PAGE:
While we used Jaccard overlap to determine corresponding pathways, this overlap was typically quite low. For each pathway, we calculated the Jaccard overlap for pairs of databases, resulting in a database-by-database heatmap of overlaps (Supplementary Fig. S6). We then calculated the average Jaccard value for each pathway/database combination (Fig. 4B). For Hedgehog, TNFalpha/Fas, TCR, and p38/MAPK, on average about a third of the nodes were shared between any two pathways. The Notch and Wnt pathways had slightly higher overlap, with an average of 0.5 across the rows. Notably, many of the overlaps were bleak, with minimums ranging from 0.08 (p38/MAPK) to 0.29 (Notch) across the rows.

#### Corresponding pathways cluster by database

Once we had corresponding pathways, we calculated the AMI from the agglomerative clustering based on cosine similarity as described in Section 3.2. We found that the AMI was much higher when we labeled partitions by database instead of by pathway (the blue “Original” curves in Fig. 5A). This indicates that there are database-specific topologies that are driving the clustering; we call this *database-specific structure*.

## 5. Correcting for Database-Specific Structure Reveals Pathway Similarities

The blue “Original” curves in Fig. 5A suggest that pathways within a specific database share some topological similarities. This is not particularly surprising, since each database is designed by curators with different goals in mind. We wondered whether we could correct for the database-specific structure to reveal pathway specific topological features. To do this, we used a simple ordinary least squares (OLS) model to find database weights to transform pathway vector embeddings. For this part, we normalize the graphlet counts by all counts for graphlets with the same number of nodes (e.g., the number of triangles is normalized by the sum of *G*_{1} and *G*_{2}). We treat each graphlet value or GHuST coefficient separately. Let be the *i*th co-ordinate in the vector embedding where *j* denotes the pathway and *k* is the database label, in a set of at least six corresponding pathways. For each coordinate *i* and pathway *j*, we construct a profile *y* as an average over all databases as
where *N _{j}* is the number of databases that contain pathway

*j*. Note that the average profile

*y*is not specific to a database and only has two indices

*i*and

*j*.

We use the following linear regression for each coordinate *i* to identify database-specific structure within the pathway profiles *x* using *y* as the target function.

The estimated values of the intercept *α* and the regression coefficients *β* that minimize the error term *∈* can be used to transform any pathway profile in a database. The transformed profiles are computed as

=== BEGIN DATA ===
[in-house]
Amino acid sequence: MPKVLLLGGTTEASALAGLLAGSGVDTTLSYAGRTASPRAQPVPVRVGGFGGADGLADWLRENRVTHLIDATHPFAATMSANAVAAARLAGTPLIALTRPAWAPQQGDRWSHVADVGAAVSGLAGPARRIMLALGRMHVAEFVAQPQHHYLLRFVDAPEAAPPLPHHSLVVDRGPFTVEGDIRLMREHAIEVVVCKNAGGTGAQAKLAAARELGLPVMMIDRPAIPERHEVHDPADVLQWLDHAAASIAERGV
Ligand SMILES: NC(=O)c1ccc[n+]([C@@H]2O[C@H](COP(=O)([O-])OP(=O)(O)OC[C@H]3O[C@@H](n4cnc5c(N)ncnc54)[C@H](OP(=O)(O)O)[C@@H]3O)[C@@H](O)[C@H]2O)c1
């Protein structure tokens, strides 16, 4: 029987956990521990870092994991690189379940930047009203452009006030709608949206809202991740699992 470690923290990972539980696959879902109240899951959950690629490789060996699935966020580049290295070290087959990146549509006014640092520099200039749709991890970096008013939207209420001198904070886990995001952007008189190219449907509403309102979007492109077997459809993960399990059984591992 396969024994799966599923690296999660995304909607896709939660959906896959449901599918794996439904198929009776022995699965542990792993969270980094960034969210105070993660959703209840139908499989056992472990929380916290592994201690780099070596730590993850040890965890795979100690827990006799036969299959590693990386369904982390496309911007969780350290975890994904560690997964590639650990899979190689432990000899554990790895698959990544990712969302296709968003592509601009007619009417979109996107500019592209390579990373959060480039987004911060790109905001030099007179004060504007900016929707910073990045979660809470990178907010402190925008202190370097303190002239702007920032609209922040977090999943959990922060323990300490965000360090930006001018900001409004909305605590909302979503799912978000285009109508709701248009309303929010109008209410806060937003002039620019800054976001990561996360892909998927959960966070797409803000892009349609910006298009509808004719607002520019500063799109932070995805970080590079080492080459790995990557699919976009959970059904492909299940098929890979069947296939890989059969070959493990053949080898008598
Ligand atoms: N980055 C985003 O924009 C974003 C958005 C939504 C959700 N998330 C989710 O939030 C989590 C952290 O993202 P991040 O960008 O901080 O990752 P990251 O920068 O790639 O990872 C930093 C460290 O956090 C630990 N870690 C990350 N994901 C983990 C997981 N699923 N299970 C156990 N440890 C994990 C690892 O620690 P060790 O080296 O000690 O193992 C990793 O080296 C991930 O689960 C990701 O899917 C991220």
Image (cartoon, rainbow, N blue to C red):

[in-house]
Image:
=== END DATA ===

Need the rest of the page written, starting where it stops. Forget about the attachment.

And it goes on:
Recall that our goal is to have corresponding pathways cluster together, rather than databases. Clustering the transformed coordinates dramatically reduces the AMI for database labels while increasing the AMI for pathway labels (brown “Transformed” curves in Fig. 5A). This is illustrated with cluster dendrograms of the original and transformed graphlet counts (Fig. 5B). Not only does this illustrate that the database-specific structure is reduced, but pathways from different databases are closer in the transformed vector space. The effect of transformation can also be seen in the first two principal components of the GHuST coefficients, where some databases cluster in the original vector space and nearly all pathways cluster in the transformed vector space (Fig. 6 and Supplementary Fig. S9). Notch and Wnt overlap in the transformed space, which makes sense due to their extensive pathway crosstalk. The first two principal components of the transformed graphlet counts also reveals clustering by pathway (Supplementary Fig. S10).

## 6. Discussion

As the number of pathway databases grows, we have the opportunity to leverage more curated interactions to better understand cellular behavior and response. However, combining signaling pathways across databases is not a trivial task, and databases may each have structural features that obfuscate latent pathway structure. We have presented a topology-based frame-work for describing pathway structure and reconciling signaling pathways across databases. Signaling pathway structure is consistently distinct from random graph models, even when accounting for node degree and comparing to appropriate subnetworks from a larger inter-actome. Using a new approach that accounts for database-specific structure, we show that corresponding pathways cluster together and ultimately share topological features despite coming from differently-curated resources.